“Walk Away Renee” and “Pretty Ballerina” were released in 1966 in July and December, respectively. The song was written by Michael Brown (who was 16 at the time, by the way), and was written about Tom Finn’s girlfriend, who Brown was enamored with. Good thing for all. See “Layla” for another ‘I want your girl’ song that turned out to be successful. It was a huge success.  It spent 13 weeks on the charts with a top spot at #5 and several artists have covered it.

We will talk about “Pretty Ballerina” in a second. Why did The Left Banke not go on to achieve tremendous success. Well, first off, I think their music would have succeeded more in the later 1960s and early 1970s. They were bellwethers and sometimes those individuals who lead get ultimately forgotten. Also, there were some serious internal issues that ripped apart the band. Brown recorded a single without the band while using the band’s name The Left Banke. He used session musicians with Bert Sommer on lead vocals. The band legitimately split into two Left Banke’s. The radio stations were confused and pulled the song. In 1967 the band reunited and recorded some more material, but, Brown left the band soon after. The band (Cameron, Martin, Finn) moved on, brought in Emmett Lake, and recorded their second LP (some songs featured a young Steven Tyler doing background vocals).

This, my friends, is “Pretty Ballerina,” a song written by Brown, sung by Martin, and is also about Finn’s girlfriend. Man, this young dude was obsessed. Talented guy obsessed with a girl. Heard it before and will hear it again.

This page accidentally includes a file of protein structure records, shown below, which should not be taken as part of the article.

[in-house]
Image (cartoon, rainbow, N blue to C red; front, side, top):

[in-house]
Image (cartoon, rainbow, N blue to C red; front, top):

First off, it is clearly of baroque sentiments. The strung-out strings, rhythmic keyboard, and orchestral core (with Oboe!) help make this song what it is. It is beautiful. It is subtle, simple, and Martin’s voice is ethereal and heavenly. But there is something else in this song below the surface. While it is superficially happy, I always feel weird listening to the song. Its short length, repetitiveness, and dream-like quality, almost suggest something oddly dark in it. It’s just a strange feeling and I get that it may be sparked by the esoteric nature of the song. It is my favorite from the band and one that still is original and independent today.

Now for the Good News:

George Cameron and Tom Finn reunited for two shows at Joe’s Pub in New York City in March of 2011 and have announced that they have reformed the group. The group consists of Cameron, Finn, and other musicians. How cool!. They will be performing at BB Kings Bar and Grill in NY on April 29. They will then perform two shows in Maryland (Rockville – Parilla Performing Arts Center on May 5, and Annapolis – Rams Head on Stage on May 6.)

Considering my location (NY), I will be attending the BB Kings show and I’m exciting to see two 60s legends perform on stage. If you plan on attending the show, let me know, and we will share some drinks and enjoy some quality music.

Check out The Left Banke’s official website for information on the band and the shows: